"Task-related oscillatory power changes and their relation to the haemodynamic response."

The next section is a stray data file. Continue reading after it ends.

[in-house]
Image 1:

In recent years many studies have used the BOLD response to characterise the cortical response to perceptual or cognitive tasks. The underlying model is that when an area of the brain is differentially activated, increased oxygen consumption in that region leads to a local increase in oxygenated blood, which can be measured using MRI. At the same time, researchers using Electroencephalography (EEG), and its close relative Magnetoencephalography (MEG) have shown that when subjects are performing sensory or cognitive tasks, there are regional increases or decreases in electrical oscillatory power within the cortex, These increases and decreases in power are known as even-related synchronisation (ERS) and event-related desynchronisation (ERD) and occur within set frequency bands. Using MEG, with its enhanced spatial resolution compared to EEG, we can localise these power changes within the cortex. Despite the very different nature of the BOLD and ERS/ERD measures, there is now increasing evidence that regions of the cortex exhibiting task-related haemodynamic changes, as measured with fMRI, also show task-related oscillatory power changes, as measured with MEG. In my talk I will discuss the relationship between BOLD and ERS/ERD, introduce MEG and its application to studies of ERS/ERD and describe some recent experimental results.